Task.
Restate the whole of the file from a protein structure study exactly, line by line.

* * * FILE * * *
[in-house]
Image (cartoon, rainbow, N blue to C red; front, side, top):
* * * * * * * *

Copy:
[in-house]
Image (cartoon, rainbow, N blue to C red; front, side, top):